The class started with the week’s readings – L. Spaabaek’s “Conservation of Mummy portraits at the Ny Carlsberg Glyptotek” and M. Cannata’s “Funerary Artists. The Textual Evidence.” Learning of the panel conservation efforts of the 19th century archeologists, we were at first appalled by W. Flinders Petrie’s conservation strategy: heating up the existing wax on the portraits in the attempt to return the paintings to their original luster, or adding new paraffin wax on top of them. We discussed how conservation and technical analyses have changed over time – in the 19th century, researchers took large samples out of the artifacts to test out materials’ composition and properties, but now, this can be done without damaging the object using several new methods, including ones we are studying. From Cannata’s “Funerary Artists”, we learned that the artists of Roman Egypt were from lower economic classes, and that they joined professional guilds to reach more clients, to be exempted from material tax and to raise their social status. We also understood that the materials required for painting—including pigments, for example—could have been provided by the client, or the artist could have been reimbursed for the cost of acquiring what they required. Cannata also points out that while painting of mummy portraits was more likely completed by people with Hellenized or Greek names, the work of actually preparing the mummy was completed by priests with more Egyptian names, and was possibly carried out by indigenous Egyptians.
Before starting our work, we looked at some of the raw materials used in mummy portraits. We saw two bags of natural beeswax– bleached and unbleached. This is the basic material used in encaustic. The bleached wax had a light yellow color while the unbleached wax was golden yellow. The unbleached wax had a stronger and more natural smell. It is believed that Egyptians bleached their wax by boiling and putting it out in the sunlight. We also examined two bags of gum Arabic—also known as acacia gum—which is the exudate from acacia trees which were fast-growing trees present in ancient Egypt. The natural state resembled reddish-orange translucent crystals while the ground gum arabic was white colored and felt starch-like. This gum was used extensively in ancient Egypt and has been as one of the binders for paints and ground layers in mummy portraits. We also used it in our own recreations of portraits.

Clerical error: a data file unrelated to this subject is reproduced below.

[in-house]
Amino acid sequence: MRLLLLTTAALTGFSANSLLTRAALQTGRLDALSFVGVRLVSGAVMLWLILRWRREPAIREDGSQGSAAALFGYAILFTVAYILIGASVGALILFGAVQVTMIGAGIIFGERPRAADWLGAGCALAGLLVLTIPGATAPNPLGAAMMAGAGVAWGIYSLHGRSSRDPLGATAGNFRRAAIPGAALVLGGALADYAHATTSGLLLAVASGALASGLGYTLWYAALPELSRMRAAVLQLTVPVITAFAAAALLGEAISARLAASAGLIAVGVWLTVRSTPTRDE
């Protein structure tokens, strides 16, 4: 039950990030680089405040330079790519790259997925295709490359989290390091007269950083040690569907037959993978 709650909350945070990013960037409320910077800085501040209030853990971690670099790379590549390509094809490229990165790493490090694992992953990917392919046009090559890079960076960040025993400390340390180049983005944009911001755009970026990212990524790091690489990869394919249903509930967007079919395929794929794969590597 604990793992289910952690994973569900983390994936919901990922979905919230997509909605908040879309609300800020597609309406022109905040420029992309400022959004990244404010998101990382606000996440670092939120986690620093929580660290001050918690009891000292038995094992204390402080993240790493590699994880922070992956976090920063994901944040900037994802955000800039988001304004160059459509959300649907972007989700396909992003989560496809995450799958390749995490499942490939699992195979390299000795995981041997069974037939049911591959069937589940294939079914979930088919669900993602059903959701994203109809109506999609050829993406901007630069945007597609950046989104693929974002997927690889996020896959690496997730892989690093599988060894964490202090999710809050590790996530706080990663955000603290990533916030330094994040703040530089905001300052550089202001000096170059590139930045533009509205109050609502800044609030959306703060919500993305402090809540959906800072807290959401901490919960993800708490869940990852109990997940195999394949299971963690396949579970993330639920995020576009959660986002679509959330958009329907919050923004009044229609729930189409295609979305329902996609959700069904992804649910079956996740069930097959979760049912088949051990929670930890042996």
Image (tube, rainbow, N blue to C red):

For the rest of the class, we went back to study our multispectral images from last week. We were still excited about the Ultraviolet Light Induced Visible Luminescence (UVL) images where the pigment madder lake glows a rose color. On the Portrait of a Man, we found madder lake on the nose, mouth, cheekbones, clavus (or stripe in the tunic), and neck. We also looked to see if the Infrared Reflected Image (IRR) showed us any trace of an underdrawing visible beneath the paint layers, and we think that the Portrait of Man might have one on his left eyebrow that measured out it’s thickness. However that is the only visible underdrawing. This made us question whether the artist very skilled in depicting individuals or was the face composition so similar to others he painted at the time that it was easy to render?
The most interesting observation with the Portrait of Man, however, was the presence of Egyptian blue. We were confused as to why we didn’t see this in the image from last week, but after re-shooting the Visible Infrared Luminescence (VIL) image, we saw that the entire background of the image glows, suggesting that the background is a white paint mixed with Egyptian blue! So even though the background looks gray in normal light, it might once have looked a little more like a light blue color. We also now noticed white spots of Egyptian blue on the man’s tunic in VIL; under the microscope, we found small spots of a dark blue pigment there even though the overall tunic looks bright white. We know from our readings that Egyptian blue was sometimes added to white to brighten it up—is this what is happening here? The Portrait of Young Man also has traces of Egyptian blue pigment as well – but not clearly visible in the background. However, it does seem to show up mixed in with the madder lake on the clavus of the tunic, making that stripe more purple than pink. Here, too, we see small blue particles mixed in with the madder lake under the microscope.
We can’t wait to find more!